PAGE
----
Jack E. “Bobby” Truitt, Esq. is a long-time TrialPad user with a law practice based in Covington, Louisiana. His practice takes him to state and federal court cases all over Louisiana. And in each one, TrialPad has been his companion.
Bobby bought TrialPad in early 2011, shortly after it was first released, and used it in his first big case the following September. Since then, he’s tried over cases to verdict—all with TrialPad. Bobby told us that since he initially downloaded it, “TrialPad’s features have only improved over the years”. Although he’s used TrialPad in several cases, here are three examples of how he’s used the app to his advantage:
First, the Setup:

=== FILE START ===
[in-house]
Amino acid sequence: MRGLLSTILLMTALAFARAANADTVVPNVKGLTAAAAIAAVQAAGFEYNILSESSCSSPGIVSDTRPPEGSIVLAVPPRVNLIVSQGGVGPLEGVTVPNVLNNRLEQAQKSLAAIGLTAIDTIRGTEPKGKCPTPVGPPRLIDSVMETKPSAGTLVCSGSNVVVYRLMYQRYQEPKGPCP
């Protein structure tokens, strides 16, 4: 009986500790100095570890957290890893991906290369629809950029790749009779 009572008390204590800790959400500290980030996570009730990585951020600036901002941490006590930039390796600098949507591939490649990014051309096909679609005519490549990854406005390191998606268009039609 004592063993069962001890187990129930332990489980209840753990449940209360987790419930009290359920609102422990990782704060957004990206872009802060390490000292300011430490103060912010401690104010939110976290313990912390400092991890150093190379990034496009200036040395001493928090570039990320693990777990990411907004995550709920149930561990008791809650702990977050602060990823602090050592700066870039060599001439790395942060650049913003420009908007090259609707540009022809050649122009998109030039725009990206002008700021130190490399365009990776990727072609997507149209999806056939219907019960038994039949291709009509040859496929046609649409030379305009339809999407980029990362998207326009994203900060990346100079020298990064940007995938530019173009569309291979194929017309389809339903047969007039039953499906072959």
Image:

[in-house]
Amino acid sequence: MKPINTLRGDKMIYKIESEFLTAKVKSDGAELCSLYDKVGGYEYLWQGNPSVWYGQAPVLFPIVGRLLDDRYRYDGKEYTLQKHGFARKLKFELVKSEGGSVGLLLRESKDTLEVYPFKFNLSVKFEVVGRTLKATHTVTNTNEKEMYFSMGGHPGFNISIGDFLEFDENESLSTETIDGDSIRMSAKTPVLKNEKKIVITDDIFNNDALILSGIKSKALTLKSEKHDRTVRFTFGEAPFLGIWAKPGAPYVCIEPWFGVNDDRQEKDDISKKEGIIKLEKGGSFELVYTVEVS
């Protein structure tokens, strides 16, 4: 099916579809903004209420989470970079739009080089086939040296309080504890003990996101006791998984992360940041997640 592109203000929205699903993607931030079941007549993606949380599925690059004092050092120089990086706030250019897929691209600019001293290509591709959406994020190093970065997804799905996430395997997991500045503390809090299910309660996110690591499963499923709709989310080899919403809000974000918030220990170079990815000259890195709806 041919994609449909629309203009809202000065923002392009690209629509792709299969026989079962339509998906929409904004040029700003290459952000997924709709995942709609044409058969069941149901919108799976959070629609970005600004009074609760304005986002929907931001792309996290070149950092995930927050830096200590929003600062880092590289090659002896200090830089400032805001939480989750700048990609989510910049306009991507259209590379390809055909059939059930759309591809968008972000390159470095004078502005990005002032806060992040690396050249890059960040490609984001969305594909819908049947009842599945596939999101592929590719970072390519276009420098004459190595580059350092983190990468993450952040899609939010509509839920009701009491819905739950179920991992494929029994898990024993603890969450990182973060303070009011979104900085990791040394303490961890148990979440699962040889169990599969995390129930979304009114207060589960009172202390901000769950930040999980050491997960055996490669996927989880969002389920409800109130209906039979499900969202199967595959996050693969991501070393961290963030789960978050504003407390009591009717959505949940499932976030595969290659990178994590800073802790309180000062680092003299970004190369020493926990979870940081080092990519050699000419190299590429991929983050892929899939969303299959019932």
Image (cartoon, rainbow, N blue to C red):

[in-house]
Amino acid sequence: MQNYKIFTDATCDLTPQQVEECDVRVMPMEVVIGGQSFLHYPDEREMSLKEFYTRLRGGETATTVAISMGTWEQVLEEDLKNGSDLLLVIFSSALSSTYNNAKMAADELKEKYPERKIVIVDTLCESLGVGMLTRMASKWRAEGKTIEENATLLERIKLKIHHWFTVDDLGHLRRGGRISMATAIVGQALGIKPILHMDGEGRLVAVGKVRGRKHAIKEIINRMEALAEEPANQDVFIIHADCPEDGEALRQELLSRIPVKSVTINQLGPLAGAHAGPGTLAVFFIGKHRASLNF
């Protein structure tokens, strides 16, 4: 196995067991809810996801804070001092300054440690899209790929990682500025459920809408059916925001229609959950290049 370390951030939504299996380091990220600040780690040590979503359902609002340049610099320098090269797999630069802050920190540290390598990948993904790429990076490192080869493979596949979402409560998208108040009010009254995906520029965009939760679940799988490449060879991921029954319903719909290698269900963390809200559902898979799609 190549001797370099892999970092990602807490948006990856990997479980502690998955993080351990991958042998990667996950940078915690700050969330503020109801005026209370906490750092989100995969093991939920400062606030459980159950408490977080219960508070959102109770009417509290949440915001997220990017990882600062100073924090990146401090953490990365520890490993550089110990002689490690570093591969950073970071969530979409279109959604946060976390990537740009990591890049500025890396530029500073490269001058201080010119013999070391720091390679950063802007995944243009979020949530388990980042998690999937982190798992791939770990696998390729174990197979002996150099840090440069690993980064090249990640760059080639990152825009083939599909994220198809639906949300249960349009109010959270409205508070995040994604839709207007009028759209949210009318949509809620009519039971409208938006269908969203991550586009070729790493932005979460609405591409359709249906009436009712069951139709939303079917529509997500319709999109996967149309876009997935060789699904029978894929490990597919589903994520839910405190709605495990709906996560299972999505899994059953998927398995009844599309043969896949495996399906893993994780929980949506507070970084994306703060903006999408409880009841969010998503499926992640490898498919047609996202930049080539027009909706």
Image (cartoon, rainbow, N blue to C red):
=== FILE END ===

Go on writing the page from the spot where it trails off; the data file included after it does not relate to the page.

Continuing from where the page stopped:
Courtroom technology in Louisiana is typically “bring your own”. And so the Truitt Trial Box was born. Each trial, and each courtroom Bobby attends has four key parts: Bobby himself, his paralegal of many years, TrialPad, and the Truitt Trial Box. The box began as a simple cardboard banker’s box with a projector, speakers, cables and extension cords, and has evolved to a kit that includes a small wheeling pelican case and a rolling monitor with an attached Apple TV. Once inside the courtroom, setup is streamlined and easy. In a matter of minutes, Bobby is connected to his Apple TV and ready to present, despite there being no real technology infrastructure in the room.